Gavin Buckett was interviewed on Sydney’s 2UE 954 Talk Back Radio yesterday. Click on the hyperlink to listen to the 5 minute interview that discusses the NSW Food Authority Name and Shame register and Chinese restaurants that seem to occupy most of the top of the list.

GOURMET GUARDIAN
2UE INTERVIEW David Oldfield


CLICK ON IMAGE TO LISTEN TO THE INTERVIEW
(Full Transcript Below)

2UE Footer

Click on the image to listen to the interview right now

Eating out is a bit of a common place thing of course in the 21st century but also a long time before that.  The news is that the New South Wales Food & Safety Authority have named and shamed a whole series of restaurants and Chinese cuisine has predominantly hit the top of the list.  So is it a question that the cuisine you choose may determine your chances of getting sick or is it just that we’ve got more Chinese restaurants than anything else?  How does it work out?

Gavin thanks for joining me.

Thank you very much David.

Gavin Buckett is an Australian food safety specialist.  Gavin is it just simply a matter of there being more Chinese food restaurants than anything else?

I think that that may be a possibility.  I know looking back to my childhood that most of the multicultural food that we had sort of 20 or 30 years ago was Chinese and I also remember that every single suburb had a Chinese restaurant on most corners.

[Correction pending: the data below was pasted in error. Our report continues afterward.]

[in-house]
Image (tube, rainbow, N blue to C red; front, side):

And of course the clubs, you’d go into the RSL or something and they would have a Chinese restaurant.

Yes, and I know that there’s a lot more cuisines, like Thai and the Vietnamese, around now but I think it would be important to take a look at the number of Chinese restaurants as opposed to the number of different cuisines as well.

It would be a good idea wouldn’t it if they actually did that rather than doing it on just raw numbers; apply it proportionately based on numbers of restaurants.  In fact the Chinese may come in better under the ties with some of the others.

Possibly, yes.

Certainly there are very, very large numbers of them.  Are there hygiene issues behind some of these cultural methods that pertain to food safety; I mean we always see stories about how certain cultures do things, for example they use one hand to go to the toilet and one hand to eat their food and you know there are issues of cross contamination because it seems that maybe things aren’t all that clean.  Are there elements of that in anything we might see in restaurants?